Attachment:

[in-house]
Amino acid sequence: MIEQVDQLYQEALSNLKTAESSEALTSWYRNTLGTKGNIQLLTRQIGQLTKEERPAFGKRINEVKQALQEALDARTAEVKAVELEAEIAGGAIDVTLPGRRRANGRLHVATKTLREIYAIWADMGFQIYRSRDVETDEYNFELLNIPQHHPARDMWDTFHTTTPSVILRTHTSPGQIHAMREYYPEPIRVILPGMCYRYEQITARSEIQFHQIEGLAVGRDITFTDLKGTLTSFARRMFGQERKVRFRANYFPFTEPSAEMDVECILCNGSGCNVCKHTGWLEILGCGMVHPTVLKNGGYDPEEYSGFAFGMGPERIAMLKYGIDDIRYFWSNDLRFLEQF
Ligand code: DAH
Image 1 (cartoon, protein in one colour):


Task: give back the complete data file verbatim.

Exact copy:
[in-house]
Amino acid sequence: MIEQVDQLYQEALSNLKTAESSEALTSWYRNTLGTKGNIQLLTRQIGQLTKEERPAFGKRINEVKQALQEALDARTAEVKAVELEAEIAGGAIDVTLPGRRRANGRLHVATKTLREIYAIWADMGFQIYRSRDVETDEYNFELLNIPQHHPARDMWDTFHTTTPSVILRTHTSPGQIHAMREYYPEPIRVILPGMCYRYEQITARSEIQFHQIEGLAVGRDITFTDLKGTLTSFARRMFGQERKVRFRANYFPFTEPSAEMDVECILCNGSGCNVCKHTGWLEILGCGMVHPTVLKNGGYDPEEYSGFAFGMGPERIAMLKYGIDDIRYFWSNDLRFLEQF
Ligand code: DAH
Image 1 (cartoon, protein in one colour):